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Consumers Need to Plan, But Aren’t (Yet)

Since the first confirmed case in the United States in January, the COVID-19 crisis has greatly altered the day-to-day lives of the American people. While most of us are beginning to settle into to life as we now know it, the question that still lingers for many working professionals is “what does this mean for my business?”

For elder law and estate planning attorneys, this pandemic offers a unique opportunity.

Society as a whole is now being forced - through the media, news outlets, and a global pandemic - to face its own mortality, an exercise typically reserved for those 65 and older.

As the coronavirus has spread world-wide, we’ve learned, that while the older demographics present a higher risk, the virus doesn’t discriminate by age, posing a potential deadly threat to all those who become infected, compelling many American’s to reevaluate their end of life plans (or lack thereof).

What’s more, a study conducted by Health Affairs in 2017 discovered that roughly 33% of people in the U.S. have advance directives. A more recent survey conducted by Caring.com in 2019 also revealed that nearly the same percentage (32%) have a will in place, a 25% decrease from 2017.

The Health Affairs study also suggests that even though only a small percentage of people have executed these documents, 60% still agree having a will is important, with 30% of people believing you should have a one before the age of 35.

The combination of increased awareness and lack of planning documents creates the perfect storm of opportunity for lawyers practicing in these areas. Attorneys all across the U.S. are reporting an increase in the need for end of life planning documents, and for those who haven’t seen an increase yet, there’s a good chance its coming.

With the demand for these services on the brink of a boom, it’s important to understand the reasoning behind the lack of preparation in the first place, and what can you do, as an attorney, to meet your clients where they are. The Caring.com survey highlighted the four most prevalent reasons why respondents didn’t have a will in place.

The most common response was that they simply hadn’t gotten around to it. Respondents also reported that they believe they don’t have enough assets to leave to someone. The cost of drafting these documents and not knowing where to go to seek these services were also of concern.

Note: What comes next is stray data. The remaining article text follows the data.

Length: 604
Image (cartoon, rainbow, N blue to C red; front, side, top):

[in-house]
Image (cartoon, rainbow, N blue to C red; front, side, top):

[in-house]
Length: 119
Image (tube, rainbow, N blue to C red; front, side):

Below are 5 tips to address the common reasons people aren’t doing any planning.

Spoiler alert: The tips below are all things you should be doing, even when there isn’t a pandemic.

  1. Reach out to current clients
    Current clients are going to be those most familiar with your services. Reaching out to your existing client base gives you the opportunity to see if there is any additional work they may require as circumstances can change very quickly in today’s current climate, and keeps your firm front of mind should they know anyone looking for these services.

  2. Touch base with your referral sources
    Many of your referral sources are likely experiencing the same pain points you are. Let them know how you are meeting with clients (video, in person, or phone). Ask what you can help them with. They may need some guidance in how to meet with their clients and you could be a resource to them.

  3. Reach out to past clients
    Past clients are most likely reading the same headlines you are about the need to plan. They may have had a family member impacted by the pandemic. Invite them to have a conversation with you about their current situation and whether there is additional planning that can and should be done.

  4. Host online events
    You can offer fun events for clients, like a virtual bingo game or a session on how to use video conferencing technology. You can choose to provide educational events just as you would in person. Another option is to prerecord important information you want to get out and offer it as an on-demand recording. What you do isn’t as important as doing something now, and continuing to do it. Your clients and potential clients may be uncomfortable leaving their homes for a meeting in the near future so you will want to be prepared to continue communicating and educating online. For more information on how to host an online event, see our 3-part webinar series on this topic:
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  5. Develop a new marketing plan
    Marketing is more important now than ever. If you had a marketing plan prior to COVID-19, it’s time to revise it. Your efforts will now involve far more online marketing, use of social media, webinars, and more. There’s no reason this type of online marketing shouldn’t continue, even when all of us are allowed to gather safely in person. Take time now to think through what you will do for at least the next three to six months. You have a rare window of opportunity where many of your clients and potential clients are at home and are on their computer, smart phone or tablet searching for information. Now is the time to reach out to them with helpful content and continue providing them with useful information.

You don’t have to do any of this alone. ElderCounsel and Law as a Business (LAB) Services are here to help. LAB Services is your custom consultant for practice development, marketing, and much more. ElderCounsel is here to support you in your elder law practice with education, document drafting and more. 

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